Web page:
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Kenneth Clark: Intelligence Within

05 Dec 2016Personal Essays

Having, love, kindness and intelligence within, Kenneth Bancroft Clark has largely contributed to the perspective change of black Americans in his nation. The American Psychological Association owes lot from Dr. Clark for being the key the African American to participate on the said association.

Kenneth Clark was an African American born on July 14,1914 at Panama Canal Zone. His father, superintendent for the United Fruit Company, is quite earning more than enough money. Even though, with their stable life, when Kenneth reached five, his mother decided to send him and her sister to Harlem, New York for the thinking that they could have better educational opportunities there. Being different in terms of skin color, together with white students, with the fact that Clark is black, is quite hard for him that time. Racism, as a part of American culture is a serious thing. But, unexpectedly, Clark never received any unusual treatment in his school.

One day, he was asked by his teacher to solve a certain problem and he didn’t make it and instead, the teacher asked why he can’t do so. He was treated fairly like with is other white American classmates. Kenneth Clark was that exceptional, considering that he was a middle school student. Then time came that Clark needs to pursue his study in high school. And just like other ordinary students, he faced a small problem.

Accidentally, by the time Clark entered the school, counselors were conducting an invitation for them to attend a certain school for training. When this has come to the knowledge of his mother, Mrs. Clark quickly approached the counselors and informed that they didn’t come to that country to raise a factory worker. Because of this incidence, Clark was sent to another school which was an academic school. With Kenneth’s new school, his excellence was seen. He did well in the field of economics, and decided to pursue this course as a lifetime career, but in the end, changed his mind for being discriminated by his teacher.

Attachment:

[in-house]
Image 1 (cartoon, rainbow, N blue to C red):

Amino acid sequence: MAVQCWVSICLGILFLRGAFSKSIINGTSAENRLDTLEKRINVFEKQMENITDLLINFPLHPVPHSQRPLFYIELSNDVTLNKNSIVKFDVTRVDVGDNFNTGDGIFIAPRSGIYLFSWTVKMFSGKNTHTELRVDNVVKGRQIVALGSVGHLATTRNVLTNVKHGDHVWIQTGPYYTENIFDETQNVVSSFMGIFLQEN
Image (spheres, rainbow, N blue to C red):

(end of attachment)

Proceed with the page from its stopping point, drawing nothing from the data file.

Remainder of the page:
After that racial discrimination, Clark became more eager to know why such kind of discrimination exists. Done with high school, Clark continued at Howard University in Washington, D.C., in 1931. That time, it is hard to find schools who accept black students, and luckily, this university is not one of it. Upon entering the university, he was aiming of becoming a medical doctor. But suddenly, when he reached his second year in college, and took up psychology, his perspective has changed. Francis Summer, his professor, discussed how racial discrimination brought up American culture, and how this racism changed human behavior, as well as the role of black people on the society.

By the year 1936, Clark got his masteral degree and taught at the same school. After pursuing the masteral degree, Clark was not yet convinced with the knowledge he obtain, so he decided to get a doctorate degree in psychology. Clark felt, upon having his doctorate that he wants to teach an integrated school someday. At last, by the year 1940, Clark finished his doctorate in psychology, and was the first black American to graduate with doctorate at Columbia University. Afterwards, he settled his life to his co-psychology doctorate student, Mamie Phipps.

He raised his family by pursuing his career as a psychology professor. Hampton Institute was also another traditional black college on where he taught. Clark had only one term at the school, for being uncomfortable, and also a little bit of time working for the government. After those experiences, Clark tried his luck of being part of the faculty in City College of New York, and fortunately, he got it. (Bradley, M.2002). He was the first American to enter and given a prominent status at the University of California, Berkley and at Harvard, Columbia.